Supporting students towards NCEA Level 2

Issue: Volume 96, Number 9

Posted: 29 May 2017
Reference #: 1H9dDn

It may no longer be an official Better Public Service (BPS) target but the drive to have 85 per cent of 18-year-olds with NCEA Level 2, or an equivalent qualification, remains. So why is it important that there continues to be such a strong focus on NCEA Level 2 or its equivalent for teachers, school leaders and government? And what support is there for those helping young people to achieve at this level?

Recent changes

The Government announced new BPS targets on 3 May 2017, focused on the progress of primary school children in mathematics and writing. This development also acknowledged the success of previous BPS targets set in 2012, including NCEA Level 2 achievement. The percentage of 18-year-olds with this level of qualification is now at a record high.

The reason it became a target, and why it remains a focus point in the education system, is that it is the foundation qualification that all young people need to access further work,
training, and education. This in turn increases their chances at a better quality of life and their health outcomes. So it remains as important as ever for teachers, principals, boards, tertiary providers, parents, whānau, iwi and government to build on recent improvements.

Keeping up the hard work

Given the impact this qualification has on a young person’s life, it is still an essential part of the Ministry of Education’s work with schools and other education providers. Youth Guarantee programmes are continuing, including Vocational Pathways and Trades Academies, to name a few. There are now 24 trades academies with around 6,190 places for students; a 10-fold increase since 2011.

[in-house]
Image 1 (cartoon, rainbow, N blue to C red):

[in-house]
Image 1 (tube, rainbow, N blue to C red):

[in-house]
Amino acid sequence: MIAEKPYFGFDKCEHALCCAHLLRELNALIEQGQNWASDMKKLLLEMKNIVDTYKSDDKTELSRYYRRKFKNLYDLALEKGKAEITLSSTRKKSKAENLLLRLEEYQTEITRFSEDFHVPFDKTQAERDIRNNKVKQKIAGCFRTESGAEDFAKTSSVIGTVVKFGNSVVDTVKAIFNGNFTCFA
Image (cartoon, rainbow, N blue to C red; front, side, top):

The Ministry will monitor NCEA results as it has previously, and parents still have access to their school’s results through the Education Counts website(external link).

From term 3 this year (2017), the Education Review Office (ERO) will also look at how teachers and school leaders support the learning needs of all children and young people towards achieving at least NCEA Level 2.

A growing range of resources and support

There have been several changes in recent years, to support teachers, school leaders, parents, whānau and iwi to identify students’ learning needs at an earlier age.

There are now 1,630 schools in 197 Communities of Learning | Kāhui Ako; designed so that teachers can better share great teaching practices within and between schools. The new Local Curriculum Design Smart Tool was developed to help Kāhui Ako create curricula that meet their students’ needs.

Other tools were recently developed to help all teachers and school leaders to monitor students’ progress and achievement as they move towards NCEA Level 2, and give parents good information about how their children are doing. These include the Learning Progression Frameworks (LPF), the Progress and Consistency Tool (PaCT), and Te Waharoa Ararau (TWA).

Last year the Government announced $43 million in additional funding over four years for schools supporting students most at risk of underachievement. Secondary schools can use this funding to help more students achieve NCEA Level 2 or equivalent qualifications.

Read more about available support on the Ministry of Education’s website(external link)

BY Education Gazette editors
Education Gazette | Tukutuku Kōrero,

Posted: 6:54 pm, 29 May 2017

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